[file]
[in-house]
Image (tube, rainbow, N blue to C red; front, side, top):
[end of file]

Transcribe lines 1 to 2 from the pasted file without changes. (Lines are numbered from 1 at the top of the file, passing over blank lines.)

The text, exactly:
[in-house]
Image (tube, rainbow, N blue to C red; front, side, top):